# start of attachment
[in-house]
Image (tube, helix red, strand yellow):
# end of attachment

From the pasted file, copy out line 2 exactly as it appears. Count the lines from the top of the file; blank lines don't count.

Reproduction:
Image (tube, helix red, strand yellow):